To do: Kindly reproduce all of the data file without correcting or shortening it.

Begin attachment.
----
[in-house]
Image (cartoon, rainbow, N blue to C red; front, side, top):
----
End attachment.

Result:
[in-house]
Image (cartoon, rainbow, N blue to C red; front, side, top):